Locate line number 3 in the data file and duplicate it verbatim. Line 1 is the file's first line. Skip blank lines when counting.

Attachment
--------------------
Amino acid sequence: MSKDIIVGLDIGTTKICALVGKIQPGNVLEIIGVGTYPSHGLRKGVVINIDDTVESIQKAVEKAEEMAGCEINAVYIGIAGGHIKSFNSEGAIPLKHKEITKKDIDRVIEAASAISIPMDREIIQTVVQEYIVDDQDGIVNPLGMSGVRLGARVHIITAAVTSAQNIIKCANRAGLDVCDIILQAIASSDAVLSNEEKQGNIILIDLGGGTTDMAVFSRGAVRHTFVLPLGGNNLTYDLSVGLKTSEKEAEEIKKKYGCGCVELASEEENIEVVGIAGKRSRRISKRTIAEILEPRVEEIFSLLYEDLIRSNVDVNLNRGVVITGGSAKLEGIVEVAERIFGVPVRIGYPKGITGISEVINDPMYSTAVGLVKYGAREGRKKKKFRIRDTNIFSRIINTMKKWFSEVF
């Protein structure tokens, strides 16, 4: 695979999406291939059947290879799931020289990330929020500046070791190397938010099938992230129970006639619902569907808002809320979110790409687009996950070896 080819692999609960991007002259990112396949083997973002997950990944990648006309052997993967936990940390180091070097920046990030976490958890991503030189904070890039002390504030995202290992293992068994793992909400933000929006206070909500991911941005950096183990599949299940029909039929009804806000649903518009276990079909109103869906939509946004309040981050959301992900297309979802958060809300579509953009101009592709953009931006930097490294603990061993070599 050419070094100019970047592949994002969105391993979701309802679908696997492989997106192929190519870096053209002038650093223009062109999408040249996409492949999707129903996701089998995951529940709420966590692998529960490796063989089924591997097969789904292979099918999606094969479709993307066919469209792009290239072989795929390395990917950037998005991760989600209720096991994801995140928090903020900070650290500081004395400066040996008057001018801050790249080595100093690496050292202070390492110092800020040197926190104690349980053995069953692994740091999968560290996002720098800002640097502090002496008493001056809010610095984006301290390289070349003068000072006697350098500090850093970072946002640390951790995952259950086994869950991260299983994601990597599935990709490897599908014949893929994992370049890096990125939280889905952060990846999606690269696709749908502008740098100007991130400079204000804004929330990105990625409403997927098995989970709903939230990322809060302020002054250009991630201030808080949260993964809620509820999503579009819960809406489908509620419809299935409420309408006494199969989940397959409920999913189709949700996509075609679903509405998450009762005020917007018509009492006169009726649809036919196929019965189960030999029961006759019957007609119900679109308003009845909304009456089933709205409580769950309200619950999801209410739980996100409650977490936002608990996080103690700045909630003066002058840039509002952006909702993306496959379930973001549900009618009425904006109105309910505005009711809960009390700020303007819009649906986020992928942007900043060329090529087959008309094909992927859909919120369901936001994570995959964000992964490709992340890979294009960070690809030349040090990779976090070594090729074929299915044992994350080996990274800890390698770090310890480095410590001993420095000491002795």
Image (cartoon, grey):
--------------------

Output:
Image (cartoon, grey):